The hope of Mary

Emile Krenn-Grosvenor says there’s never been a better time to light a candle for the Mother of God.

During the cost-of-living crisis that marks this Advent season, I find myself leaning on Mary more than usual. Mary, after all, dared to hope in a time of uncertainty and scarcity.

The great 20th century theologian, Dorothy Solle, often referred to Mary as the supreme example of a human being’s greatest act of hope–bringing a new and vulnerable life into the world.

When I was pregnant with my sons I sometimes used to joke with my husband that I needed him to bring me some tea and biscuits because, at the moment, I was working on making a toe or an ear.

Of course, the mother doesn’t will the child into being, but the love we have for that child calls us to nourish and make space for this new life.

The way a mother cares for her child by caring for herself, and the way those who love her ideally do the same, is the first relationship any of us know.

This web of love is integral to our development before we even take our first breath, when our bodies are still one with those of our mother.

However, Mary’s example should inspire more than just mothers. Pope Francis made clear in his speech to World Youth Day in Panama in 2018 that Mary’s ‘be it done unto me according to your word’ in response to the angel, was really a ‘yes’ to giving birth to God’s dream.

This request, he noted, is something that God asks all human beings. We are each called to cultivate the hope of God within our- selves, and to then share it with the world.

This is not always an easy task when the systems meant to support us seem to be working against us and we have become accustomed to doomscrolling through the newsfeeds on our mobiles, not to mention any personal difficulties we might be encountering.

At such times, choosing to hold the light of hope as Mary did is more radical. It is easy to fall into denial or cynicism. It is more difficult to radically accept the reality of one’s current situation and find ways to bear Christ within it.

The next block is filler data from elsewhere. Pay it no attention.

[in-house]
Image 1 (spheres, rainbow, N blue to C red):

More recently, Pope Francis implored Catholics to light candles of hope rather than listen to prophets of doom. When I think of Mary’s song upon meeting her cousin Elizabeth, I think of this radical form of hope.

Mary is incredibly vulnerable at this time. She has not yet told her husband about the pregnancy. She is a young woman who does not yet hold the rights of a wife who is head of a household. She is part of an occupied people in a time of unrest. She has no means of providing for herself and her child should her husband and family reject her.

Despite the very real fear and anxiety which we can imagine gripped her in this moment, upon seeing her cousin’s welcome, she shares all that God is doing for her and for her people.

We might wonder how to light and protect candles of hope as Mary did when we ourselves might be struggling. My grandmother would say that is why we turn to Mary, because she knows what it is to struggle.

She must have asked herself, ‘How will I provide for my child? How will I keep him warm?’ It is important to remember here that Mary couldn’t do it alone.

She was helped by those who found a way where there seemingly was no way – Elizabeth who welcomes Mary with joy, the innkeeper who provides shelter for the Holy Family when all the rooms are full, and of course Joseph, who chooses commitment and constancy, ultimately sacrificing his home and stability to stand by and protect his wife and child.

It takes courage to make a space for hope, faith, joy, and peace when it would be easier, and more reasonable, to resign ourselves to bleakness. How are you protecting and committing to that light of hope, even in the midst of uncertainty?

To answer this question, we might reflect on those saints in our own lives who have reflected this Marian way of being.

I think of a friend’s mother who, since her children are now grown, often shares the extra bedroom in her home with someone in a period of hardship; the older gentleman at my home church in the US who, now retired, spends Advent preparing gifts for children, meals for those without shelter, and serving the parish.

Even the smallest of such actions, in their own way, are radical in their witness to joy and hospitality.

In the Northern Hemisphere, Advent comes at the darkest time of year. In the midst of this darkness, we commit to hoping for and creating light. Let us be guided by Mary then, who was the first to do so.

Emile Krenn-Grosvenor is a PhD student of Theology at the University of St Andrews.

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